Dear Mr. Truesdale,
I am not sure you will remember me. You were the first -- the only -- editor to call me about a story submission. You wanted to talk about how much you liked the story and how you would do your best to recommend that it be published, but you could make no guarantees because the story contained romance. Romance and SF made for a hard and complicated blend, you said, and went on to tell me why. I, a relatively new writer in the publishing world, listened.
And I thought, maybe this is what editors do. But goodness, what a lot of work, to call every writer -- so that couldn't be. Why single me out? I decided it's because you really did like my story, despite the fact that you dismantled it in the course of a conversation. I was thrilled and heartbroken all at once. Ah, writing!
In my fourteen years of writing, no other editor has ever called me. No other editor has so thoroughly taken my fiction apart.
When I saw the links to the Tangent reviews of Women Destroy Science Fiction, I was wary and when I read the reviews, I was disappointed. It has been a long year -- from last Memorial Day's dialogues about The Bulletin (#200 specifically, but the increase of sexist content in other recent issues as well), to the release of WDSF this month (and improvements to SFWA's Bulletin!). It's been a long year of hard conversations, but of consistent conversations, of trying to make a dent, a crack, in a thick stone wall. And with the arrival of WDSF, it felt as though something had been accomplished.
And then you joined the conversation, and went on to say how foolish the entire thing was, dismantling it much as you had my long-ago story, and that
Maybe I’ve just been lucky, but one might think that if racism or sexism is as deeply rooted in SF as some would like you to think, that after 40 years I would have seen or heard something personally.
Maybe you've been lucky?
If you haven't experienced racism, there is no question you have been lucky.
If you haven't experienced sexism, there is no question you have been lucky.
As John Scalzi wrote, you are playing the game on the easiest level, white male.
Countless others have not been so lucky, and who are you to dismiss their personal experiences? How dare any editor or reviewer dismiss the personal essays contained within WDSF,when they have not known the same experience. We spoke from our hearts, we shared our view on the genre and were told -- oh, how we were told -- that our view was wrong.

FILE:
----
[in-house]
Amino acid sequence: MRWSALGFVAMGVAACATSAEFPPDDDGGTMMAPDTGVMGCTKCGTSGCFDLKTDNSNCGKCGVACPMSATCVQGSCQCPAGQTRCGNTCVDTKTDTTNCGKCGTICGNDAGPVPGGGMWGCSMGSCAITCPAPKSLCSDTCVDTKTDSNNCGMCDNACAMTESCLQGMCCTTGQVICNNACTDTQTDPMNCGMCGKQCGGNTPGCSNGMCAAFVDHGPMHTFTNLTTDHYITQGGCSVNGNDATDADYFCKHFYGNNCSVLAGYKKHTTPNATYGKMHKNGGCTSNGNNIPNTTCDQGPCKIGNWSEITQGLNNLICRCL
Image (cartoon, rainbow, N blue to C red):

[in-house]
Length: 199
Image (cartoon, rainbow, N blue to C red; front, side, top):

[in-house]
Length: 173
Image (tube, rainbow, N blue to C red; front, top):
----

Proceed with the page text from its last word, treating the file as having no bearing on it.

That our personal experiences were wrong.
That one hundred and nine women were simply crying WOLF where no wolf exists.
It's not the first time. Given how this year has gone, it won't be the last.
And this perhaps proves why Women Destroy Science Fiction was so necessary after all. You, who unknowingly had a hand in building this wall we are trying to tear down, will never hear the cries of those on the other side. You are too deeply entrenched -- you would have seen or heard something personally after all.
You would have seen.
You would have heard.
But you aren't listening. And you aren't looking.
In the old Loony-Toons, when Wile E. Coyote looks, and realizes nothing is as he thinks, that his view is wrong and he is screwed and has no idea how to say "I'm sorry, Road Runner, let's make this better," he plummets to the ground, right?
I dare you to actually look.
I dare you.
Things I have learned since that long-ago phone call from you:
- SF containing romance is regularly dismissed
- When men write about getting the girl at the end of a story, she's a just reward, not "romance"
- Sexism and racism don't happen if white men don't see it
- People will shit on beautiful things others make every single time
- Shit does not eliminate the beauty
- Shit does not erase the beauty from history
- I am an awesome, capable writer
- I am an awesome, capable editor
- And that nothing -- nothing -- you or anyone says will stop this sea change in genre
Other smart people talking about this:
Dave Truesdale Explains It All, by Natalie Luhrs
Women Destroying Science Fiction: Texts in Conversation, by Amal El-Mohtar
The Shrill Sound of Not Shutting Up, by Rachael Acks